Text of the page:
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Introducing a new tool for news: Solutions-Focused Journalism

Emily Kasriel

Head of editorial partnerships, BBC World Service Group

Meeting news teams across the BBC, from the Persian Service to BBC Bristol, I’ve found the desire to ‘hold power to account’ is one of the key principles motivating BBC journalists.

One colleague in the BBC Hindi Service in Delhi told me he felt it was his role to shed light on how slum dwellers are struggling with inadequate provisions. If they didn’t cover these stories, who would? Only by focusing on the problems of the world, he felt, could these voiceless peoples’ suffering become more widely known.

Over the last few months, I’ve been leading a project across BBC News to help colleagues think about how they might broaden their understanding of what news is to also include a focus on solutions. This has included delivering workshops, developing resources, inviting people to speak to the BBC and helping BBC Academy colleagues incorporate this fresh approach in their journalism training.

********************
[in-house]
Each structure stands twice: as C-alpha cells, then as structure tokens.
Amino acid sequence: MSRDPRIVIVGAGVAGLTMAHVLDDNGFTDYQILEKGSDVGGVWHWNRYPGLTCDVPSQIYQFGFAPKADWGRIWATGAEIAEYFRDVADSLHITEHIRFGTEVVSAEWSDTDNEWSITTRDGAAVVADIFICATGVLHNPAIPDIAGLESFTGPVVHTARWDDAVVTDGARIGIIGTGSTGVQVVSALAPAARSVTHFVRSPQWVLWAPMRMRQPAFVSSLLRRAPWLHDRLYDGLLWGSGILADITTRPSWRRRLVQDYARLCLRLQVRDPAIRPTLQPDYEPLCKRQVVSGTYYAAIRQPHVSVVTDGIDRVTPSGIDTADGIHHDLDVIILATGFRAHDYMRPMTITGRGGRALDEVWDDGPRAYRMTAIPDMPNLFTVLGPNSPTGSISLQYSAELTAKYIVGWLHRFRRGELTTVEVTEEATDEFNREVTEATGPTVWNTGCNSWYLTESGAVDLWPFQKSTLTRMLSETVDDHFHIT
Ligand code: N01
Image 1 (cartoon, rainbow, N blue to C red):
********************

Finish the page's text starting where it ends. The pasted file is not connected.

The core idea is that BBC News can paint a fuller and more complete picture, to deliver a more accurate story of the world. We’re calling this initiative Solutions-Focused Journalism or SFJ.   

So what is SFJ? It may be easier to begin by explaining what it isn’t. Many journalists assume that SFJ is all about positive or ‘good news’ stories - tales with affirming narratives featuring people carrying out inspirational acts of generosity or achievement. Such positive stories are widely shared on social media, and traditionally have often been used to lighten the mood as the ‘and finally’ items at the end of a bulletin.     

This isn’t what SFJ is about. Instead, this approach demands rigorous coverage of responses to problems, focussing on how, is or can this problem be solved, and how does a proposed solution work? It is not about endorsing any particular solution, but is about the reporting of responses to problems alongside the problems themselves - not only looking at what has happened but also at ways to improve the future. This doesn’t mean it can’t use strong characters and a driving narrative.

Like all BBC journalism, SFJ complies strictly with BBC editorial standards. SFJ always looks for evidence of a solution’s success. Where this doesn’t exist (perhaps because the solution is at too early a stage), we tell our audiences that this is the case. We also explain the limitations of any solution.